Eminem Runs Censors Ragged at Brits
“And the winner is . . . Steely Dan!” yelled Eminem, holding his Brit award aloft Monday in triumph. “Who the [expletive] are Steely Dan?” he then inquired, referring to the veteran American duo that defeated him in the best album competition in last week’s Grammy Awards in Los Angeles.
Maybe the controversial American rapper had gotten word that the British Phonographic Industry’s flagship awards ceremony--the English equivalent of the Grammys--has thrived on mild misbehavior. Having apparently washed out his mouth with soap to allow a mostly expletive-free Grammys, Eminem carefully explored the parameters of language mayhem.
During afternoon rehearsals at the Earl’s Court arena, he uttered various obscenities more than two dozen times. They were counted by a team of experts (tabloid journalists), and the TV producers began worrying about “all-night editing sessions” to prepare highlights of the show for U.K. national television and 63 other countries the following evening.
During the Brit ceremony itself, Elton John presented Eminem’s best international male solo artist statuette, and the two reprised the hug that was one of main talking points of the Grammys. At the after-show party, John reemphasized that in his view Eminem’s records are not homophobic and that he had offered his support to champion free speech, although “it would [expletive] off some people in the gay community.”
Indeed, a handful of protesters stood outside in a winter deluge, arguing that “this nomination is the moral equivalent of honoring a Ku Klux Klan singer.” On a rotten night for picketing, they were barely noticed by the media.
So Eminem gave almost everyone what they wanted, to get what he wanted. The right fences mended, the right fences kicked over. This chap is not daft.
Otherwise, pop-soul singer Kelis took the best international newcomer award, and Madonna accepted her best international female solo artist award humorously via a “home” movie wherein director Guy Ritchie delivered the thank-yous while his wife cleaned the house and fetched him a cup of English tea (“God save the Queen!” she urged in the final frame).
Ireland’s U2 provided superstar presence in the flesh as best international group and “outstanding contribution” award winners.
But the remainder of the night’s delights and “shocks” were domestic to the point of introversion. Dido and David Gray, the two new British successes in the U.S. in the last 12 months, got nothing. The same fate befell Craig David, probably the next U.K. artist due serious consideration by the United States. The 19-year-old R&B; singer-songwriter worked his own story into the rap section of his hit single “Fill Me In”: “Six nominations, no Brits for CD.”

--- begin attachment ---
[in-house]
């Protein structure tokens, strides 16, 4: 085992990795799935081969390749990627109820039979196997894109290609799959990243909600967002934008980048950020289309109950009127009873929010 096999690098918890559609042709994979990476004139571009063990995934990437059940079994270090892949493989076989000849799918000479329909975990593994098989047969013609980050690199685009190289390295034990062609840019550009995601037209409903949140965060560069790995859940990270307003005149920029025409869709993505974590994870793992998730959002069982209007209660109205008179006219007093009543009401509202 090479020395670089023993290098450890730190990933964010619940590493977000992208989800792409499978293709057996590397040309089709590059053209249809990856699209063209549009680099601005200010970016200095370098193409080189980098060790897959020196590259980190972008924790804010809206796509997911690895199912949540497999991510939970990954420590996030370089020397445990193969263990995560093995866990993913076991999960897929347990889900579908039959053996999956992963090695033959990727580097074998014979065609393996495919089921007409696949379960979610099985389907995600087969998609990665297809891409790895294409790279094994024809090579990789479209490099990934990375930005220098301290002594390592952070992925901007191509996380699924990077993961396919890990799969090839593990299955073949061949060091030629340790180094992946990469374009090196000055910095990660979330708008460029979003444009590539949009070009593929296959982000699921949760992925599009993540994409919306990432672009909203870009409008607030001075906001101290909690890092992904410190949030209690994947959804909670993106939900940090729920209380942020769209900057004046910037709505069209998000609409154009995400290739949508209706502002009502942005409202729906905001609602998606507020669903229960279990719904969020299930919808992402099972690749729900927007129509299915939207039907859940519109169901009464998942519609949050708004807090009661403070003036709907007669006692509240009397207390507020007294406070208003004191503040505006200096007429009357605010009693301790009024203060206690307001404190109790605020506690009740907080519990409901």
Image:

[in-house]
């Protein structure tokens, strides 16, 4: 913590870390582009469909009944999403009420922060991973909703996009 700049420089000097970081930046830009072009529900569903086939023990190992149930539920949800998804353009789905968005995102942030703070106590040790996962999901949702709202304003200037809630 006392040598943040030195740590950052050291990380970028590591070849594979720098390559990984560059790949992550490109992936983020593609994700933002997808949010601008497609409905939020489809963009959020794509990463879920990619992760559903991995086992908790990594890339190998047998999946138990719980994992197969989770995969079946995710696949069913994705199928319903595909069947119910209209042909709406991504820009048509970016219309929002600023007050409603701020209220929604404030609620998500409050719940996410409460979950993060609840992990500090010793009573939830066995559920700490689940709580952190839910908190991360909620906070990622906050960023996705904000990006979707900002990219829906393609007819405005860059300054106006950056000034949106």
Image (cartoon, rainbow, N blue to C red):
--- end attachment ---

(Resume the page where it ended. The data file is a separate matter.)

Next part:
However, he then won a star-studded sympathy vote.
After winning three Brits, singer Robbie Williams told the press backstage, “Craig’s brilliant. He’s a decent bloke and his songs are ace.” Elton John prefaced his Eminem presentation by telling the cameras, “If there’s a better singer in Britain than Craig David, then I’m Margaret Thatcher!” Finally, Bono quietly dedicated the first song of U2’s live set to the night’s favorite victim. So this 21st edition of the Brits did have its spats, yet it failed to live up to the occasion’s gloriously undignified history. That began with the legendary second (and last) live-television show in 1989 when presenters Mick Fleetwood and topless model/disco singer Samantha Fox found the TelePrompTer impossible to master.
And there have been other moments:
* In 1990, the Fine Young Cannibals returned their statuette after the organizers invited Prime Minister Margaret Thatcher to send along a videotaped greeting.
* In 1996, Pulp’s Jarvis Cocker got up on stage and wiggled his bottom as Michael Jackson struck crucifixion poses and platoons of children took turns hugging him during a live performance.
* In 1998, Chumbawamba’s Danbert Nobacon tipped a jug of ice water over visiting Deputy Prime Minister John Prescott “on behalf of all those now suffering at the hands of the Labor government.”
Even in the quieter years, someone could at least be relied on to take the podium and challenge Liam Gallagher to a punch-up. In 1998 it was Sporty Spice.
No such luck in 2001. While top BPI people advised that “Music touches people’s hearts, inspires their minds and reaches into their souls,” the unofficial view was that the event had suffered a surfeit of such reverence.
Writer and broadcaster Andrew Collins, who for three years did BBC Radio 1’s live commentary on the Brits, suggested that the event was actually losing ground relative to its Goliath opponent, the Grammys, because it was suppressing its idiosyncratic identity, which ought to represent “British [rubbish]” against “American pomp”.
“It’s great that there are so few awards [14 Brits to over 100 Grammys this year], but it’s becoming more and more bloated, a victim of its own success,” Collins said Monday. “The BPI is always thinking about what’s going to look good on TV to an international audience. That takes a lot of the interest and integrity away from it. It’s out of our hands; it doesn’t reflect what the nation thinks.”